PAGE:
Monday, January 25, 2010

Therasense v. Becton (2009-1008)

The case involved a patent for electrochemical sensors for measuring glucose levels in blood. A trial was held and the jury found that the asserted claims were infringed under the doctrine of equivalents but were “invalid by reason of anticipation or obviousness.”

Jury Instructions on Anticipation Erroneous. On appeal, the patentee argued that the district court’s jury instruction on anticipation was erroneous. The jury instructions stated that “for anticipation, it is sufficient if the single reference would have informed those skilled in the art that all of the claimed elements could have been arranged as in the claimed invention.” (p. 8.) This was erroneous because “it makes sufficient, for purposes of anticipation, a prior art disclosure of individual claim elements that ‘could have been arranged’ in a way that is not itself described or depicted in the anticipatory reference.” (p. 8-9.) Anticipation requires that the “way in which the elements are arranged or combined in the claim must itself be disclosed, either expressly or inherently, in an anticipatory reference.” (p. 9.) “[U]nless a reference discloses within the four corners of the document not only all of the limitations claimed but also all of the limitations arranged or combined in the same way as recited in the claim, it cannot be said to prove prior invention of the thing claimed and, thus, cannot anticipate under 35 U.S.C. § 102.”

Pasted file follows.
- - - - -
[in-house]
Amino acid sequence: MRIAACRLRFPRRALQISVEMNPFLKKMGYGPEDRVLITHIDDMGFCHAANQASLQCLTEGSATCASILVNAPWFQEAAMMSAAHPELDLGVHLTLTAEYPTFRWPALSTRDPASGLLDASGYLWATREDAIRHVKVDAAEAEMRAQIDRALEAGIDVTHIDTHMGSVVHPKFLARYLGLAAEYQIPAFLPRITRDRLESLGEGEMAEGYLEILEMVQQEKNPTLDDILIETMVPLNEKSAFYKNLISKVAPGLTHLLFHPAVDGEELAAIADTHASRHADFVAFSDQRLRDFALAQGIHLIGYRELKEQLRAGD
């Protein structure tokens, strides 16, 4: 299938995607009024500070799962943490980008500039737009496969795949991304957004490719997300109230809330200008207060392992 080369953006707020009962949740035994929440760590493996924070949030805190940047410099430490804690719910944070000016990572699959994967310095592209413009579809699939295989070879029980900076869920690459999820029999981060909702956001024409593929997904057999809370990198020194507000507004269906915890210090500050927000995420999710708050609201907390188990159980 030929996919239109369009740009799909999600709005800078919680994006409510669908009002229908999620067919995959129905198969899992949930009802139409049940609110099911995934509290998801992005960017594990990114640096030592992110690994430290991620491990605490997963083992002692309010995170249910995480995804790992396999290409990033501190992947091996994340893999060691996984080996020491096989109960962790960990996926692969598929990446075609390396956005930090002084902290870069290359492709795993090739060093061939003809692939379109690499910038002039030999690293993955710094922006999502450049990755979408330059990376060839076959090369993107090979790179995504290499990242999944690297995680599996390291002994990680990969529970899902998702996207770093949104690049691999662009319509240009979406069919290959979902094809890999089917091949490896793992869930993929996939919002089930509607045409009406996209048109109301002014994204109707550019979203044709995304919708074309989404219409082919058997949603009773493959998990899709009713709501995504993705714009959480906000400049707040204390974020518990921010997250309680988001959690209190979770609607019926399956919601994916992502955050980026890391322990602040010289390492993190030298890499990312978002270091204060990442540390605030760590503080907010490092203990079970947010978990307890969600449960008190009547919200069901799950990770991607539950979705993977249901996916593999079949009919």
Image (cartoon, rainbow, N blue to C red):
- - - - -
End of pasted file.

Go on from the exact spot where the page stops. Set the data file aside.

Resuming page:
“The concept of ‘inherent disclosure’ does not alter the requirement that all elements must be disclosed in an anticipatory reference in the same way as they are arranged or combined in the claim.” (p. 9.) “For a claim to be anticipated, each claim element must be disclosed, either expressly or inherently, in a single prior art reference, and the claimed arrangement or combination of those elements must also be disclosed, either expressly or inherently, in that same prior art reference.” (p. 10.)

Error Harmless Because Claims Were Obvious as a Matter of Law. Despite the fact that the jury instructions on anticipation were erroneous, the error was determined to be harmless because the Federal Circuit concluded that the claims were obvious as a matter of law. {B]ecause the jury must at least have found the claims obvious,” the jury instruction on anticipation could not have changed the result.

In its obviousness analysis, the court rejected the patentee’s arguments that the invention solved a problem for which there was a long-felt need since the claims at issue were not limited to devices that solved the problem. “Because the claims are broad enough to cover devices that either do or do not solve the “short fill” problem, Abbott’s objective evidence of non-obviousness fails because it is not “commensurate in scope with the claims which the evidence is offered to support.” (p. 16.)